Shi Wei Tian (食唯天) Part 1 of 2

Shi Wei Tian (食唯天) Part 1 of 2

Forenote: C.Y., my guest blogger, dined here as their guest.

I’ve always found that the best food are those that feel closer to one’s heart .  You’ll immediately get this warm fuzzy feeling inside when you eat them.  Food with rich history appeals to me the most; I love old places that have tenants running their little establishments for years.  Shi Wei Tian (食唯天), albeit new in the scene, hails with recipes passed down from generations.

One of the stores that we would all have patronized at least once in our lives (as Singaporeans) is a Zi Char stall.  The usual experiences that we would get from a Zi Char stall operating in the coffee shop are noise, sweltering heat, smells and sometimes, near unsanitary conditions (But lets face its, some of the really good places are like that).  This is where Shi Wei Tian differs from the normal, run of the mill Zi Char stall.  Their outlet comes with a fully air-conditioned dining area and an alfresco seating.

Shi Wei Tian aims to bring back traditional flavors and nostalgic tastes with recipes that has been passed down by their Grandmothers.

Other than Zi Char, Shi Wei Tian serves steamboat and lok lok as well, something you don’t really find in Singapore.

I am going to introduce to you, 5 simple, yet tasty dishes.

I know to all you health conscious people, Pork belly is one of those items that you will stay away from.  I think that the key is to eat everything in moderation.  So you can splurge the calories you’ve saved on this 暴烧肉 (Stir-fried Pork Belly).  This was a dish that went really well with the rice because of the flavours.  The pork wasn’t very firm, yet it wasn’t too tender to offer the soft texture.  To simply put it, it was just nice.  The fatty part of the pork had the consistency of a konniyaku  jelly.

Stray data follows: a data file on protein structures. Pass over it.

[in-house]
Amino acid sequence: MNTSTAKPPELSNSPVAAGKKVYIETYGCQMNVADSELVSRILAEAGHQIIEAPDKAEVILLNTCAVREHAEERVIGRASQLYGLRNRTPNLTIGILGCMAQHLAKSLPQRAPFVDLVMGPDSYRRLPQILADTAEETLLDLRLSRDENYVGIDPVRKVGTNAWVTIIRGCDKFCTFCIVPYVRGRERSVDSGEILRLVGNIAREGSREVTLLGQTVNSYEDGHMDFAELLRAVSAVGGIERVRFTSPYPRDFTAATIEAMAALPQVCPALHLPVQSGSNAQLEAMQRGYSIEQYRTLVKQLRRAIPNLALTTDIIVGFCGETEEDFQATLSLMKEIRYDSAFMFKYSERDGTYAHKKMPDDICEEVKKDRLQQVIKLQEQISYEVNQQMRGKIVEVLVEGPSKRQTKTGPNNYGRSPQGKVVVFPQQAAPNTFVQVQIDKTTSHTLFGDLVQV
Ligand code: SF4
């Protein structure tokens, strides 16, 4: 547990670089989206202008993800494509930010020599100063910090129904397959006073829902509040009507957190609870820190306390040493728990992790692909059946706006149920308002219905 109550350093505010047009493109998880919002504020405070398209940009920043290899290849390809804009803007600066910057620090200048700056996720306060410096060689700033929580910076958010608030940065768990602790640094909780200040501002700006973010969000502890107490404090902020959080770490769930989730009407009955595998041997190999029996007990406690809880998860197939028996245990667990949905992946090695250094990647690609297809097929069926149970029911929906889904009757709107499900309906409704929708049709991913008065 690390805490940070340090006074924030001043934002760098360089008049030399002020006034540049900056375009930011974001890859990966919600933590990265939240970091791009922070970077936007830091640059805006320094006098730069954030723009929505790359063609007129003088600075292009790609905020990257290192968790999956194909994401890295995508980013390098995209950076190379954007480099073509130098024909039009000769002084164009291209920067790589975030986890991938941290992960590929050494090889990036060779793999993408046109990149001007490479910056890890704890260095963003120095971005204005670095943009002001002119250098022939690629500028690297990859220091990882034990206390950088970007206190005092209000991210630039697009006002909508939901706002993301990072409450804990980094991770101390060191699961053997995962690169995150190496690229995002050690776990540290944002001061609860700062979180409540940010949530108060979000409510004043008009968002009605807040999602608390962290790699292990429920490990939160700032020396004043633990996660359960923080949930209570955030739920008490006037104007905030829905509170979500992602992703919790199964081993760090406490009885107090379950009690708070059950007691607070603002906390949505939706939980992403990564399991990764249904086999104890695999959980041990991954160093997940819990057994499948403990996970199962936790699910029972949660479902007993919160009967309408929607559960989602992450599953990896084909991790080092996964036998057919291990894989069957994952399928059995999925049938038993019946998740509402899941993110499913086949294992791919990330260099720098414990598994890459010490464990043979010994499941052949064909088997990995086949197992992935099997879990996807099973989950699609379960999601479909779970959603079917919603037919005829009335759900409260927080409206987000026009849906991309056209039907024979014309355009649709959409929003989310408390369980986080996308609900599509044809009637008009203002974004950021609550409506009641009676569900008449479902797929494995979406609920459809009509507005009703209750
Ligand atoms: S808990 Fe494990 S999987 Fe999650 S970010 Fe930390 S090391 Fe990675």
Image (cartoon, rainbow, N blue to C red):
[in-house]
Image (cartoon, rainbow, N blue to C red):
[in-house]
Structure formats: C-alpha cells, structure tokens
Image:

Their specialty, 咸蛋金瓜 (Pumpkin Fritters with Salted Egg Yolk) was one of my favorite dishes of that day.  I am a big sucker for salted egg yolks and this really did it for me.  I like the balance in the sweetness of the pumpkin and the savory taste of the salted egg yolk.  The pumpkin had a texture that was near fluffy which was a stark contrast from the crispy batter.

I liked their 肉骨茶(Bak Kut Teh) because it wasn’t the usual pepper soup base.  Their version of the Bak Kut Teh comes with a herbal soup base.  This Malaysian style Bak Kut Teh is something you’ll seldom find around Singapore. Although the soup base is not as strong as the ones that you’ll find in Malaysia, it still worked pretty well for me.

A friend of mine enjoyed the 双松茄子 (Double Floss Eggplants) alot, even though he didn’t like eggplants.  Personally, I found the dish to be on the sweet side. The added floss imparted a fragrance to the dish.

Though in its simplicity, the 金花豆腐 (Signature Toufu) was one of the best dishes served that day.  The silky soft toufu coupled with the savory sauce is a killer combination with rice.  The fried Enoki mushrooms on top isn’t just for decorative purposes, it added a layered texture to the whole dish.

Though incomparable to the  posh nosh, the dishes served up by Shi Wei Tian holds their own place.  Even though these dishes are simpler in taste, they are closer to my heart and I find its something a lot of high valued, expensive dishes are unable to achieve even with their exquisite ingredients and meticulous cooking methods.

Shi Wei Tian (食唯天) is located at 37/39 Joo Chiat Place which is right at the intersection of Tembeling Road and Joo Chiat Place.  They are opened everyday from 12pm to 1am.

2 thoughts on “Shi Wei Tian (食唯天) Part 1 of 2

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